Oplink Is on the Prowl
The company believes it needs to expand its technology base to stay competitive. "We always watch our cash burn," says CEO Fred Fromm in an interview with Light Reading here at the NFOEC show. "Our second priority is to add new technology."
Adding new technology was the prime purpose of the proposed merger with Avanex, which fell through because Oplink's Taiwanese shareholders rejected the deal (see Avanex and Oplink: Wedding's Off).
A top priority for Oplink is to partner or purchase active optical component technology. "We see a trend towards more and more subsystems," says Fromm. "The market is now more about adding channels and capacity than it is about new systems. That means actives." Another area it wants to expand into is planar passives, such as Arrayed Waveguide Gratings (AWGs).
Fromm adds that competition from homegrown Chinese and Taiwanese component startups is forcing Oplink to move up the value chain to make more highly integrated components (see US to China: Do You Copy?). "When a component becomes commoditized, we stop doing it."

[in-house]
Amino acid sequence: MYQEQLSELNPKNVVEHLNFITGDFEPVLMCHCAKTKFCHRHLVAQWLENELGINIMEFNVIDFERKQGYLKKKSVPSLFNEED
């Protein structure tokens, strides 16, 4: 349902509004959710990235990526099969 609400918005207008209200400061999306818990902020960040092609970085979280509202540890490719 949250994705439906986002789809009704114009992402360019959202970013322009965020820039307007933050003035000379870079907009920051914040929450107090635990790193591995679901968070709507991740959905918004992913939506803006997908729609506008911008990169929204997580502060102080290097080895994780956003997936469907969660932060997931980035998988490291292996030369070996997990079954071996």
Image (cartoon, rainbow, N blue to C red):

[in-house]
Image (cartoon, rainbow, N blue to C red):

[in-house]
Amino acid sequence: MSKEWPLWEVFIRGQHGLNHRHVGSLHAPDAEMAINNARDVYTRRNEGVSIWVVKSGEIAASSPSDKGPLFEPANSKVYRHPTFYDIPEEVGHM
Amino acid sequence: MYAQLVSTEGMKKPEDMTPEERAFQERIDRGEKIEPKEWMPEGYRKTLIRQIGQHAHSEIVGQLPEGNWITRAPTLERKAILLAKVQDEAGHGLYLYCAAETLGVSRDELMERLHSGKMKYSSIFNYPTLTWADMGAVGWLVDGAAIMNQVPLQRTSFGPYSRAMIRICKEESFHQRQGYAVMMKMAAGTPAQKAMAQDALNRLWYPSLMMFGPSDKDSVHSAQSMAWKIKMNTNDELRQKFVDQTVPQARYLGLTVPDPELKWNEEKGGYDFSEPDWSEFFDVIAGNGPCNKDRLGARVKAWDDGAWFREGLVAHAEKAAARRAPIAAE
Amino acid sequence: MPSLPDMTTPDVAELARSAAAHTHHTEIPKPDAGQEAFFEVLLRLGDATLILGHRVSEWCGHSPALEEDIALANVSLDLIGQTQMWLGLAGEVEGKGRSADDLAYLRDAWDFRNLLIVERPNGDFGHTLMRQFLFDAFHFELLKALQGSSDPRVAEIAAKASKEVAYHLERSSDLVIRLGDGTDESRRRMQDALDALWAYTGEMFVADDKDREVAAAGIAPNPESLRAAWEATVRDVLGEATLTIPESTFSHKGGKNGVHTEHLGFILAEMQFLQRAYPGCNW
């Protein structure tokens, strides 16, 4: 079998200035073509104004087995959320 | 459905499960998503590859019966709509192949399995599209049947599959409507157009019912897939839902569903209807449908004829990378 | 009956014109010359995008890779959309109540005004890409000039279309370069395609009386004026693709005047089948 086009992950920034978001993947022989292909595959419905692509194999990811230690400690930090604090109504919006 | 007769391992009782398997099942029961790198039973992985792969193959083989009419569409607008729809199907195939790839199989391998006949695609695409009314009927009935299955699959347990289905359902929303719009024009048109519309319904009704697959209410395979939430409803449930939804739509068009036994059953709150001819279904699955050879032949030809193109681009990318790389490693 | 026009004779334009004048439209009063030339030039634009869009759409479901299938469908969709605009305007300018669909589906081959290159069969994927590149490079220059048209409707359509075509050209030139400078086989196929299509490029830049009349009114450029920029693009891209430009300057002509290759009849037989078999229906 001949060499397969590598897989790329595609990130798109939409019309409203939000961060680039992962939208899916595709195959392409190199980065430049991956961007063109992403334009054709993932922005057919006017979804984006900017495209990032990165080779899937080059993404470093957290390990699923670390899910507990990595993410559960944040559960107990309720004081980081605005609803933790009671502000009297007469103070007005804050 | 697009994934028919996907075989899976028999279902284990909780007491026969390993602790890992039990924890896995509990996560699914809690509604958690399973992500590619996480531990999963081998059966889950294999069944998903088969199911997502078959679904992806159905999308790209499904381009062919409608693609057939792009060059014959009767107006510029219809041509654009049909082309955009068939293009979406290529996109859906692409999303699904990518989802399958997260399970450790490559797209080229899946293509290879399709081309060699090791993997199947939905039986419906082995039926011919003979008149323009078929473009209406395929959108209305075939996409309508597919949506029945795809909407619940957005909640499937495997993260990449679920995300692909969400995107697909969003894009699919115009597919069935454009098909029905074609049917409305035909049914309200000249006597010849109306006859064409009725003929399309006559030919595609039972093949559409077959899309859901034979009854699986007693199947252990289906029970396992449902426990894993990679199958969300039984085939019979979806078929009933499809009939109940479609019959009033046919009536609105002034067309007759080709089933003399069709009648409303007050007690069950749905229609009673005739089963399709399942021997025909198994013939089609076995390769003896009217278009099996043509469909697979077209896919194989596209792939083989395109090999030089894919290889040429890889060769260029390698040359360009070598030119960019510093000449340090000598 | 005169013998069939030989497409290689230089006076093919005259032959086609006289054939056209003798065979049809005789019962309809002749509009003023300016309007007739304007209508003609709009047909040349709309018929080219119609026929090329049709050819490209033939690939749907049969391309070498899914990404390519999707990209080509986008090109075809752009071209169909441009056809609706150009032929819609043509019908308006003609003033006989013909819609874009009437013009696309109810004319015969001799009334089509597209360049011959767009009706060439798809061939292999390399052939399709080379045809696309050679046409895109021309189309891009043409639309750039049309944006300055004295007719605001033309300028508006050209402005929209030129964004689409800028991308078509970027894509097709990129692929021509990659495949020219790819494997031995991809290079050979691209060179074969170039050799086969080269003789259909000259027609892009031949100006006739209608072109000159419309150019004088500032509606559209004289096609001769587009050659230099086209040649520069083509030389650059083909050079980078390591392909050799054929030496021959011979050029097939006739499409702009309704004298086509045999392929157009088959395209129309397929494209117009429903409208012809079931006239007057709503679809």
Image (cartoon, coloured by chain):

Going forward, Oplink will seek to purchase smaller outfits, rather than trying to buy or merge with larger companies, according to Fromm. Large component vendors like Agere Systems (NYSE: AGR) may be cheap to buy, but they are very expensive to own, he contends.
Oplink's ideal purchase would be a company with a technology that needs to be moved into manufacturing. Oplink would step in, buy the technological assets and the technical staff, and move the manufacturing over to its low-cost facilities in China. Sales, manufacturing, and administration would be absorbed into the parent company.
Oplink has $225 million of cash in the bank and a burn rate of less than $5 million a quarter, according to Fromm, placing the company in a strong position to make the kind of deals he is talking about.
Fromm won't say if any deals are currently on the table. "We are actively seeking and cautiously acting on what we find."
— Pauline Rigby, Senior Editor, Light Reading